"There is a push right now for interdisciplinary and multidisciplinary work," he noted. "What’s common is that, in a team, you’ll have people with different skills to bring to the table."

Professors Scott Barrett and Jeffrey Sachs sit on Johnston’s thesis committee, so he receives regular feedback based on their on-the-ground experience.

Johnston hopes his research, along with that of his peers in the PhD program, will make a difference and inform policy makers.

When it comes to policy surrounding malaria, he elaborates on a decision by the Bill and Melinda Gates Foundation that eradication of malaria is the goal of its global health program:

"If we eradicate malaria, it will be like landing on the moon.

We’ve only eradicated polio, and we had a very efficacious vaccine then. We don’t have a vaccine for malaria. We have one drug - and a spray and bed nets.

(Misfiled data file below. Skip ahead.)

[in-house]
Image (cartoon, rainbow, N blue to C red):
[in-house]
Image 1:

People are asking us, with those tools, how far can we go?

It becomes a question of how much you want to spend. Are we diverting too much to just one of the maladies in the developing world? Are malaria, tuberculosis and AIDS taking up too much of the pie in international aid funding…? Should we fund capacity building instead?”

There are a lot of questions that need to be answered before the right policies are created, according to Johnston. That’s where he hopes the science behind global development issues will come in to play.

That’s essentially what the program tries to do: take an analytical approach to policy issues and get the best scientific background and research on the topic, bringing a scientific skill set to a problem of global import.”

Instead of just throwing darts on the board.

- Michelle Chahine

SIPA Alumna Leads New Columbia Global Center in Turkey

Columbia University President Lee C. Bollinger and SIPA Dean John H. Coatsworth visited Istanbul, Turkey in November to launch the sixth Columbia Global Center there. SIPA alumna Ipek Cem Taha (MIA ’93), a Turkish journalist and businesswoman, was appointed interim director.